Why they call it the Silk Road — a visual aid.

Allow me to introduce you to a silk merchant in the market at Kuche.


Yes, those materials were just as blinding to the eye as they are to the camera lens.

As she was displaying her wares to us, the muzzein sounded the call to prayer. She held up a hand, laid aside her silks, got out her prayer rug, and knelt facing east to do her prayers. After which, she rose back to her feet, folded her rug and put it away, and resumed business.

I bought a long length of rainbow-colored net gauze to give to my niece the seamstress. I could have bought a lot more.

Everything Under the Heavens
Everything Under the Heavens in audio download:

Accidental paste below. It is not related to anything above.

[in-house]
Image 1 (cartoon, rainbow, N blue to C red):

• On Amazon.
  • On Audible.
  • On iTunes.

  • In e:

  • Amazon.US
  • Amazon.UK
  • Amazon.AU
  • Apple iBooks
  • Barnes and Noble
  • Kobo

  • In trade paperback.

  • The Silk and Song slideshow is here, and I’m going through it a slide or two at a time, with commentary, most Tuesdays here.
    Silk and Song glyph

    One thought on “Why they call it the Silk Road — a visual aid.

    1. Stephanie Faulkner says:

      The words lustrous, luscious, vibrant, rich come to mind. I have an exquisite brilliant scarlet silk shawl/scarf that is completely embroidered with gold thread that my mom got while we lived in Turkey in the mid-1950’s. It resides in a cedar chest, rolled around a tube and protected in muslin. It is supple and shimmers as it did back then. It could be hanging with those in this picture. So beautiful.


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